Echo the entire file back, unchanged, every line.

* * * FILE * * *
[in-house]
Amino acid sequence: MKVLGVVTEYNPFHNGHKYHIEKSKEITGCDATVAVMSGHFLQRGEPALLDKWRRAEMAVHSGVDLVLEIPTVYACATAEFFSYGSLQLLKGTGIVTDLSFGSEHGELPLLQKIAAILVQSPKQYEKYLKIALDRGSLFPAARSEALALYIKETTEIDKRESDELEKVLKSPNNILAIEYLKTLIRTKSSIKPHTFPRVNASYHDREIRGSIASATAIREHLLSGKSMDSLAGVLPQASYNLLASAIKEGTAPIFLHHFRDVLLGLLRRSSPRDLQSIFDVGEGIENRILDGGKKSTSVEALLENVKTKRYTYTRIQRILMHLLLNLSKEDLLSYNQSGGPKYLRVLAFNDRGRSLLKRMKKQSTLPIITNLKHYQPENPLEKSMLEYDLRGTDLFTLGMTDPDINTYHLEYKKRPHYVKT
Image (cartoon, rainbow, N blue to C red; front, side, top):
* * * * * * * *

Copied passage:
[in-house]
Amino acid sequence: MKVLGVVTEYNPFHNGHKYHIEKSKEITGCDATVAVMSGHFLQRGEPALLDKWRRAEMAVHSGVDLVLEIPTVYACATAEFFSYGSLQLLKGTGIVTDLSFGSEHGELPLLQKIAAILVQSPKQYEKYLKIALDRGSLFPAARSEALALYIKETTEIDKRESDELEKVLKSPNNILAIEYLKTLIRTKSSIKPHTFPRVNASYHDREIRGSIASATAIREHLLSGKSMDSLAGVLPQASYNLLASAIKEGTAPIFLHHFRDVLLGLLRRSSPRDLQSIFDVGEGIENRILDGGKKSTSVEALLENVKTKRYTYTRIQRILMHLLLNLSKEDLLSYNQSGGPKYLRVLAFNDRGRSLLKRMKKQSTLPIITNLKHYQPENPLEKSMLEYDLRGTDLFTLGMTDPDINTYHLEYKKRPHYVKT
Image (cartoon, rainbow, N blue to C red; front, side, top):